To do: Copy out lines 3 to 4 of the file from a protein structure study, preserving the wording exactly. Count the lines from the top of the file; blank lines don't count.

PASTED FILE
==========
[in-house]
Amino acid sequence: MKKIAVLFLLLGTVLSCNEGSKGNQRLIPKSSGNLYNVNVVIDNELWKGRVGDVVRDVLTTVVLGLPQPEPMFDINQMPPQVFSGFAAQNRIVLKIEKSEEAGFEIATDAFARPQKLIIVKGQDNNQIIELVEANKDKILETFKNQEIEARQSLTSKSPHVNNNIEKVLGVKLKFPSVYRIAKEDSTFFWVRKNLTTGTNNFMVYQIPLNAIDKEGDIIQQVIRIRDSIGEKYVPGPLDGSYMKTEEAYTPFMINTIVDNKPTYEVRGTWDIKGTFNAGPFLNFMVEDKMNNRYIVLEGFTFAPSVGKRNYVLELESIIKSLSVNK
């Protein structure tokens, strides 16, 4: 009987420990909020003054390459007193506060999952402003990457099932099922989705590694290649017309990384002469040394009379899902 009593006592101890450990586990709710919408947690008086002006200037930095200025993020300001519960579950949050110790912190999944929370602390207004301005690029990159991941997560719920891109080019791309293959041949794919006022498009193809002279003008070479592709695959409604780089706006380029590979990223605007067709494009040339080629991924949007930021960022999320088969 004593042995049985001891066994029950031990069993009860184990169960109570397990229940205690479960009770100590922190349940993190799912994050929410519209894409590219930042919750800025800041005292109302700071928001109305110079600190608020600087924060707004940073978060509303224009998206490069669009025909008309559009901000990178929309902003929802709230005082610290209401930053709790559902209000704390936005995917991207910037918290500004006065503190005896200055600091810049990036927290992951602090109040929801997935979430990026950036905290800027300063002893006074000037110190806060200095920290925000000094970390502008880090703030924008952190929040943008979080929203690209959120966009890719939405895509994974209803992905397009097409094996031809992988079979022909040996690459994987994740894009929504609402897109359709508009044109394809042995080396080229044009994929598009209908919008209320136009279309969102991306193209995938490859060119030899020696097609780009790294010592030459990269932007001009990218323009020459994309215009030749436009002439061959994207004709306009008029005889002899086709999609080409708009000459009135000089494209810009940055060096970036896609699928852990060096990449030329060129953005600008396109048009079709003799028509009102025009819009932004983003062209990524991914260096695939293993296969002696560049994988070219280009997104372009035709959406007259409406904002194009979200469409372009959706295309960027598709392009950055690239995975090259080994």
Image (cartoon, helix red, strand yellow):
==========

């Protein structure tokens, strides 16, 4: 009987420990909020003054390459007193506060999952402003990457099932099922989705590694290649017309990384002469040394009379899902 009593006592101890450990586990709710919408947690008086002006200037930095200025993020300001519960579950949050110790912190999944929370602390207004301005690029990159991941997560719920891109080019791309293959041949794919006022498009193809002279003008070479592709695959409604780089706006380029590979990223605007067709494009040339080629991924949007930021960022999320088969 004593042995049985001891066994029950031990069993009860184990169960109570397990229940205690479960009770100590922190349940993190799912994050929410519209894409590219930042919750800025800041005292109302700071928001109305110079600190608020600087924060707004940073978060509303224009998206490069669009025909008309559009901000990178929309902003929802709230005082610290209401930053709790559902209000704390936005995917991207910037918290500004006065503190005896200055600091810049990036927290992951602090109040929801997935979430990026950036905290800027300063002893006074000037110190806060200095920290925000000094970390502008880090703030924008952190929040943008979080929203690209959120966009890719939405895509994974209803992905397009097409094996031809992988079979022909040996690459994987994740894009929504609402897109359709508009044109394809042995080396080229044009994929598009209908919008209320136009279309969102991306193209995938490859060119030899020696097609780009790294010592030459990269932007001009990218323009020459994309215009030749436009002439061959994207004709306009008029005889002899086709999609080409708009000459009135000089494209810009940055060096970036896609699928852990060096990449030329060129953005600008396109048009079709003799028509009102025009819009932004983003062209990524991914260096695939293993296969002696560049994988070219280009997104372009035709959406007259409406904002194009979200469409372009959706295309960027598709392009950055690239995975090259080994």
Image (cartoon, helix red, strand yellow):